Set during Japan's Shogun era, this film looks at life in a samurai compound where young warriors are trained in swordfighting. A number of interpersonal conflicts are brewing in the training room, all centering around a handsome young samurai named Sozaburo Kano. The school's stern master can choose to intervene, or to let Kano decide his own path.
Nagisa Oshima's work is always visually exquisite. He has that finely honed, generations-old Japanese eye for detail which has served his artistry well over the last 50 years. It reveals itself to be the difference in the world of film that a Monet, Michelangelo, or Van Gogh is to sidewalk chalk drawings.
Decades ago, Oshima set out explore new territories, to leave formula and standard, approved plot progressions behind and delve into the deeper recesses of the human experience. What comes out of that are works of storytelling which require more attention and involvement on the part of the viewer than your typical Michael Bay or Renny Harlin flick. Not that pure escapist entertainment is a bad thing; far from it. But you don't generally come away from one of those features wanting to go sit at a table with your friends, staying up to the wee hours discussing what you've just seen and all the ramifications of each scene. In simpler terms, they don't enrich your intellect! (I think even Bay?s and Harlin?s most ardent fans can agree with me on that part :-) ).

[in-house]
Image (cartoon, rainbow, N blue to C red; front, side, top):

"Gohatto" is the Japanese word meaning "Taboo" in its simplest form, so you know going in your about to see something out of the ordinary. Oshima has long had a fascination with the dichotomies in Japanese culture (and frankly most cultures) between how behavior is proscribed and how the more primal, instinctual urges (mostly sex) always find their way to the surface in spite of those mores. Oshima has also found a fascination in seeing how both Western and Eastern cultures have, at one time or another (or more than one), put strict moral taboos on homosexuality, adultery, and even on prostitution, but these strictures have never eliminated or even slowed down their existence.
"Gohatto" takes us into a world 150 years ago where such things don't exist on the surface but are fully integrated into what is real life just beneath. Whether such subject matter, or exploring Eastern cultures, particularly interests you or not, if you're interested in being challenged by the art that you see, "Gohatto" (like Peter Greenaway's recent "The Pillow Book") is a must-see film.